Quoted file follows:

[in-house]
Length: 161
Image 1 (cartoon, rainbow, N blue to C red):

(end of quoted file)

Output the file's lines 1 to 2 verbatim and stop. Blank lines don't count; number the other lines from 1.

[in-house]
Length: 161